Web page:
6. Emma, I just wanted to say Thank you for being vulnerable and honest with this post. I feel privileged that you let me in to this part of your heart and really pray that letting it out is healing for you. I can relate to the feelings of being overwhelmed and falling short in so many areas. This is what I reckon: God is lifting the veil for you, in areas long buried. It feels awful, painful and overwhelming. Looking at the fullness of our brokenness and sin, whether its things done against us or by us, is not nice and it looks impossible to fix. But, I really want to encourage you, that it is time for restoration and healing. God has been preparing you and getting you strong enough to have this blight exposed, and you are rising to the challenge of acknowledging it, then giving it back to him so He can deal to it. I LOVE the scripture from Joel 2.25 that God 'will restore (repay) the years the locust have eaten..." That has been so encouraging to me and I have declared it over my life many times as I have addressed the years ravaged by disappointment and betrayal.

    I also want to encourage you: you are pioneering a new way to do family. That is a HARD road. You are changing the tide from curses into blessings for your children and the generations that come after you. You're creating a legacy in the Lord that your children will pick up and build on. Everything you deal with now means your children will not have to. That is so exciting! You are strong, you are mighty, you are brave...and our God is the God of the breakthrough, God of the impossible, God of Abundant life, God of restoration, God who is able to immeasurably more than we can ask or imagine! Keep blessing those who have hurt you.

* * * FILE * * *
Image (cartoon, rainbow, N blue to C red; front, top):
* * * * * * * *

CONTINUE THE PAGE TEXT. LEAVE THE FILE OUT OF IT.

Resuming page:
You are truly inspirational.
    Love, Megan

    1. Oh Megan! There is so much wisdom and encouragement in what you've written. I love it. I want to print it out and stick it on my prayer wall. In fact, I think I'll do just that. Thank you! What a beautiful way of looking at the situation. You are so right. God is good. God IS able to do immeasurably more than we can ask or imagine. I'm finally starting to understand that truth for myself and it's like a light bulb has switched on for me. xxxxx